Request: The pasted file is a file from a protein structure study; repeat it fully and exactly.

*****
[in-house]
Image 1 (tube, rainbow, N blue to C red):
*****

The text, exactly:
[in-house]
Image 1 (tube, rainbow, N blue to C red):